You’ve undoubtedly heard the phrase “pay yourself first” somewhere along the way in your travels.
You might vaguely recall hearing this valuable nugget of financial wisdom from someone you know or maybe you read it somewhere in a book or online, but what does it really mean?
As the term implies, to pay yourself first literally means just that, putting yourself at the very top of the list of things to pay.
The first thing to come out of your pay should be a payment to yourself.
A pre-determined percentage of your income should go straight into an RRSP, tax free savings account or any other savings or investment vehicle you have set up.
How much you put away doesn’t matter, what does matter is that you put away something and start as soon as possible.
Thanks to the wondrous power of compound interest even the smallest contributions over a long period of time can grow into a very substantial nest egg by the time you reach retirement age.
Pay yourself first is one of the golden rules for builidng personal wealth.
It’s a proven strategy that has helped make alot of people rich. Incredibly, most of us are not doing it, myself included until a few years ago.
Thanks to David Bach’s book Start Late, Finish Rich I now know that there’s still hope even for late starters like me.
If ‘pay yourself first’ really works then why isn’t everyone doing it?
Good question! One reason could be because most of us have learned that bills come first.
Things like your mortgage, car payments, groceries and the phone bill take priority and always get paid before anything else.
Whatever’s left over is used to pay for everything else. Inevitably all the money gets spent on other stuff and usually leaves you with no money left over for savings.
There in lies the problem.The other problem with living this way is that your just keeping your head above water.
As long as your lifestyle remains the same you’lll be treading water and keeping afloat financially.
Unfortunately, this also means you have virtually no chance of ever getting ahead financially, unless of course you win the lottery.
Furthermore, any sudden lifestyle changes such as a large purchase or loss of income will make your already precarious situation even worse and you will be forced into debt.
Ready for the good news? Even if you always find yourself running out of money before the month’s end it is still possible to pay yourself first.
The key is to make it automatic and as painless as possible (another David Bach concept).
Why it’s important to pay yourself first, starting today!
Right now when you get paid, who gets paid first? Give yourself a pat on the back if you guessed the tax man. Why is that?
Because, prior to 1943 taxes were not automatically deducted from workers pay checks like they are today.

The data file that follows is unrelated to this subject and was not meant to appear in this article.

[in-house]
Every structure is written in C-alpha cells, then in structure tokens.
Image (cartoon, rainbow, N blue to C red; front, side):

People got their cash and paid their taxes later. This was a problem, people weren’t saving enough money to pay their taxes and wound up owing the government.
That’s when the government got smart and started automatically deducting taxes from our pay checks.
Now our taxes get paid and we don’t miss the money because it was never ours to begin with.
Hmm, Maybe they were onto something there! Like the Government, you can make sure you are paid first by automatically deducting from your pay check or bank account.
Take it off the top and the money you intended to save gets saved. Bottom line – no over-spending, no unexpected expenses and no more cheating yourself out of savings.
As an added bonus you can save yourself even more money by contributing to a tax deductible retirement account such as a RRSP or 401(k).
Here’s a scenario to further illustrate my point about why its important to pay yourself first now instead of later:
Assuming a growth rate of 10% til age 65.
- Janie is 20 years old and contributes $200 a month to her RRSP
- George is 40 years old and contributes $800 a month to his RRSP
By age 65 Janie will have contributed a total of $108,000, the total value of her investment will be worth a whopping $2,096,500.34.
By age 65 George will have contributed a total of $240,000, the total value of his investment will be worth $1,061,466.72.
How to pay yourself first
Automating the process of paying yourself first is simple, the only real challenge is actually finding the money to save.
You can’t commit too much money to savings afterall you still have bills to pay. A little creativity may be in order.
Remember, the amount you save is not important, just save whatever you can no matter how small the amount, you can work on increasing it later when your circumstances change.
Now for the easy part, making it automatic. Here are two examples of how you can pay yourself first via direct deposit:
Setup a direct deposit into a high interest or tax free savings account
This is ideal for short term savings goals like saving up for a major purchase like a vacation getaway or paying for home renovations.
Enroll in your company’s group retirement plan
Take advantage of any matching contributions your employer offers and watch the magic of compound interest at work as you build your retirement nest egg.
You could also set up a payment plan that is a combination of both of these examples, two or more separate deposits for short term goals and long term goals.
Still struggling to find any money to commit regularly to your savings plan?
Consider focusing on just depositing work bonuses, pay raises any other extra money that comes your way until your circumstances change.
When money is tight, putting away money for a rainy day is hard, blaming the rain for not putting away money is easy.
Pay yourself first today and your efforts will be handsomely rewarded tomorrow.